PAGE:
I bought my house a generation ago, when prices were climbing 2 percent a month. That was faster than the increases in my pay, and I felt...
I bought my house a generation ago, when prices were climbing 2 percent a month. That was faster than the increases in my pay, and I felt an urgency to pound a stake in the ground while I still could. It was a good decision, and those who make the same decision today may be just as smart.
Still, there is unease.
I bought my house from a neighborhood hairdresser. Next door was a cop. Now I live next door to a Boeing manager and across the street from a Microsoft manager and an airline pilot. Same house, same street, different neighborhood. Houses have increased in value eightfold.
Demand is the obvious part of it. Prices here are pushed up by the success of Microsoft, Starbucks, Amazon and Amgen. Dollars are worth less than 25 years ago, and people have more of them. Interest rates are oddly low, and bankers push ever-more-addictive forms of credit.
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But why are Seattle-area houses so much more expensive than houses in Midwestern cities of the same size? Do Microsoft, et. al., explain the difference? Partly, but there is also the matter of supply.
Land here is limited by Puget Sound, two large lakes and the Cascades. We have limited it further by restricting the building of new houses — to save flat land for farms and steep land for trees and wetland for fish and fowl. Jim Hebert of Hebert Research, Bellevue real-estate analysts, says the reason for the Seattle area’s distinctively high house prices is restriction of supply. “That’s not just an opinion,” he says. “That is what the data show.”
Scott Noble, King County assessor, says that from the mid-1980s, the number of new houses built in King County has barely increased. To explain the especially high real-estate prices in King County, he says, “it appears that supply is a more important factor than demand.”
Supply is constrained by the county’s Urban Growth Boundary, set under the state Growth Management Act. It is also constrained by the decisions of 40 different governments in King County. Several have been trying to increase minimum lot sizes — Newcastle to 7,500 square feet from 5,000, and Bothell to 9,600 square feet. Sammamish has had a building moratorium.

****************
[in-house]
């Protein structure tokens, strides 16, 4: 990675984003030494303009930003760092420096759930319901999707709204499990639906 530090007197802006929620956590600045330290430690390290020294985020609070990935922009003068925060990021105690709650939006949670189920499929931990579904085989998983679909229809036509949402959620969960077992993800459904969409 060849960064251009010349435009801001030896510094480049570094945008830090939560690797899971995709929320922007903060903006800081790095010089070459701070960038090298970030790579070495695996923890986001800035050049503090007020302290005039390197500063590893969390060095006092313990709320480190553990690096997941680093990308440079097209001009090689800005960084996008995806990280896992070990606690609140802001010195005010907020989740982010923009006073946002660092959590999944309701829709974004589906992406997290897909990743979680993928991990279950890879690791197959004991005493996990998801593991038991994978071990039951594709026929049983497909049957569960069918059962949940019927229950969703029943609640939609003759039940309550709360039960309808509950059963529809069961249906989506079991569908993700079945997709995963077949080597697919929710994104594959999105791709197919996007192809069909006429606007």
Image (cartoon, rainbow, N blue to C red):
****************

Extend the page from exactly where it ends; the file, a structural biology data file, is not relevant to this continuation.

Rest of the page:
Each of these decisions limits the number of building lots. The lots go to the highest bidder, which tends to be the builder of the biggest house. Ordinary folk flee to Pierce and Snohomish counties, following the rule of, “Drive till you qualify.” Our public thinkers respond to all this by proposing new ways of restricting “sprawl,” a word they use to describe houses newer than their own.
When I bring this up, they say, “Do you want to build houses all the way to the Cascades?” And I reply, “Do you want the average house to cost a million dollars?”
Probably, the answer to both questions is yes.
By the assessor’s calculations, house prices have risen by 12.7 percent a year in King County from 1985 to 2003. Taking the June 2005 median of $375,000 and the same 12.7-percent rate, in 2019 the median house in King County will be worth a million dollars.
That will be a world in which only high-profit employers survive, because only they will be able to pay employees to live here. It will be a world of old families with capital gains, new families with stock options and high-salary, two-income households with 40-year mortgages.
It will be a world in which many more young couples raise their families in apartments, even though they would rather not.
We are choosing for them — and we are choosing based on our feelings about “sprawl” and not their desires for a backyard. At least it is partly on those feelings. There is also the relevant fact that the more we restrict the building of other people’s houses, the more the value of our own goes up.
Bruce Ramsey’s column appears regularly on editorial pages of The Times. His e-mail address is email@example.com